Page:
O Christ, Good Shepherd,
I thank you for leading me to glory;
I pray that the flock you have entrusted to my care
will share with me in your glory forever, alleluia.
The saint honored by the Church today held together in himself two aspects of the Church’s life that at first glance appear disparate. As a monk, St. Augustine observed diligently the rigors of the regular life. He belonged to, and eventually became superior of, St. Andrew’s Monastery in Rome, which had been established by St. Gregory the Great on his family’s estate. Soon after the monastery’s foundation, Gregory was called from its prayerful silence when elected Bishop of Rome. Despite the absence of its founder, the monastery continued to flourish, thanks in no small part to the wise leadership of Augustine. A few years after Gregory’s election as pope, pressed to restore the Island of Britain to the practice of the faith, the saintly pontiff went to his friend, Augustine, and asked him to spearhead a missionary expedition to the Angles. In so doing, Gregory drew on a truth he discovered in his own life, that the monastery can be an excellent training ground for pastoral activity.
Called therefore from the cloister, Augustine and his companions entered the Church’s mission fields in Britain, where maintaining their monastic disciplines while preaching they converted the Kingdom of Kent and restored southern England to the grace of Catholic faith. For centuries afterwards, English Catholicism maintained the monastic traditions of its first apostles and thereby witnessed the complementarity of the cloister and the cathedra to the wider Church.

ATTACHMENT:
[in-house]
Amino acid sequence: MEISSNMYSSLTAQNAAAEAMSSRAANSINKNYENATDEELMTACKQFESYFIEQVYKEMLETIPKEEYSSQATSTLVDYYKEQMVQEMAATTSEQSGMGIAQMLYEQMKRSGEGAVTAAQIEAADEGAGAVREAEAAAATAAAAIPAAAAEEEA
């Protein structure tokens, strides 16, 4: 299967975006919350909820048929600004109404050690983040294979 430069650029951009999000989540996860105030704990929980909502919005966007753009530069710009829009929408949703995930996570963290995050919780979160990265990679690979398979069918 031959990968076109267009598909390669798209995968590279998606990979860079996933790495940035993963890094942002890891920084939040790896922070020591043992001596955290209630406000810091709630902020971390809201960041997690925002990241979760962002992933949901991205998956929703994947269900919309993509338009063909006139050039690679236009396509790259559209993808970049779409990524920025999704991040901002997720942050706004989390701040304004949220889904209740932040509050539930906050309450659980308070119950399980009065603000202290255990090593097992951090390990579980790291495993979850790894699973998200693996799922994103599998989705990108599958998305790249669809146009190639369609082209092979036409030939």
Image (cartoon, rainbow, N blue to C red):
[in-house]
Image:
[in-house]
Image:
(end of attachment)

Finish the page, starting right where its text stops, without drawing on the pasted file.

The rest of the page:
First tried by Gregory the Great, the papacy would employ this missionary strategy again in the twelfth and thirteenth centuries by sending Cistercian monks to preach against the Albigensians in France. As before, this pastoral plan would prove providential. In the course of their preaching, these evangelical Cistercians were joined by a traveling Spanish canon, Dominic de Guzman, who, drawing from their witness and experience, founded the Order of Preachers in part to provide the Church a more fruitful and permanent experience of the union of contemplation and action in preaching.
by the preaching of Saint Augustine of Canterbury,
you led the people of England to the gospel.
May the fruits of his work continue in your Church.
Grant this through our Lord Jesus Christ, your Son,
who lives and reigns with you and the Holy Spirit,
one God, forever and ever. Amen.